Turkey: Stories from Ephesus and Hierapolis

Turkey: Stories from Ephesus and Hierapolis

The sleepy town of Selcuk was my first stop in Turkey. I wanted to see the ancient Greek city of Ephesus. After my 12 hour direct flight to Istanbul, I hopped on another 1 hour flight from Istanbul to Izmir. I waited for almost 2 hours at the train station because their train time intervals are insane (make sure you check the schedule beforehand to avoid wasting your time like I did). I finally arrived in Selcuk after another 1 hour of train ride from Izmir. It was quite a journey. Selcuk is a quiet sleepy town that looks like a movie set. Everything looked rustic and charming, I felt like I was in a movie studio the whole time I was there. Even the people, they looked like the ones I’ve seen from the movies. The heavily lined handsome faces of old Turkish men, each wearing beret caps. The way the old Turkish women wear their head scarves and sit in one corner while knitting. Selcuk felt surreal.

Travel Tip: Turkey is vast. Its a big country and you will need to take domestic flights if you want to visit other cities aside from Istanbul. This is how I did mine: Istanbul-Selcuk-Pamukkale-Cappadocia-Istanbul. Domestic flights in Turkey are cheap, its around the same price as the bus fares. It’s a lot faster too than going on a 7-8 hour bus rides. I got my Istanbul-Izmir and Cappadocia-Istanbul flight from Turkish Airlines for 94.99 TRY or 1395 PHP for each flight. I’ll discuss my itinerary in full details on a separate post.

Turkey

My first glimpse of the Mediterranean sunset in Selcuk

I arrived at around noontime and after I settled at the quaint and lovely Petite Amazon Boutique Hotel, I explored the ruins of St. John’s Basilica. It was believed that John the Apostle came to Ephesus together with the Virgin Mary, somewhere between 37 and 48 A.D. because Jesus entrusted his mother to St. John when He was crucified. It was said that they spent the remaining part of their lives in Ephesus. It was even believed that The Gospel of John and The Book of Revelations were written here. I walked around for almost an hour exploring the ruins. There’s a fortress at the back of the Church of St. John and it has breathtaking views of the town.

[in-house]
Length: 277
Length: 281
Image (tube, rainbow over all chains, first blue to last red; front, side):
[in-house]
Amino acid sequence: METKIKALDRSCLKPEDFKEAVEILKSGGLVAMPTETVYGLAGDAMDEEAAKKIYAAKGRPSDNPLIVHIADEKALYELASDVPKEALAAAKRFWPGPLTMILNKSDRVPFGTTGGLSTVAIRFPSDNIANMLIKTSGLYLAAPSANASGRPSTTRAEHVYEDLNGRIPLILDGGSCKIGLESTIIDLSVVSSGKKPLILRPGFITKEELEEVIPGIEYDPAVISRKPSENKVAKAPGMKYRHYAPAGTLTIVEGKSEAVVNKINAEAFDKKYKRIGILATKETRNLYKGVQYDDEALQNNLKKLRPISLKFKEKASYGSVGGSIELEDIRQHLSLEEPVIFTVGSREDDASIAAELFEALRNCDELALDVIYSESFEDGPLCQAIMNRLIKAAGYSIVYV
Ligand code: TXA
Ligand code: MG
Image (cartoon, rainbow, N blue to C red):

Turkey

Ruins of St. John’s Basilica

Turkey

Ruins of St. John’s Basilica

I then went on a 20 minute bus ride to a quaint old Greek village called Sirince, on top of a hill. I instantly fell in love the moment I got off the bus. The hilly cobbled stone streets, the charming old houses perched on top of the hill, the wisterias in full bloom hanging on the roofs of cute souvenir shops, the old ladies sitting in one corner knitting, gossiping and watching tourists like me, the shop owners tending to their own stores while their friendly dogs and cats roam the streets and getting all the attention and affection from tourists who will try to pet them; every little thing in this village look adorable. There are a lot of souvenir shops in Sirince and I read that its supposed to be cheaper than the souvenirs sold in Istanbul, but I didn’t buy anything because Selcuk was my first stop and I still have a lot of cities to visit in Turkey. I really don’t want to carry a lot of heavy souvenirs with me while travelling.

Sirince

The Greek Village of Sirince

Sirince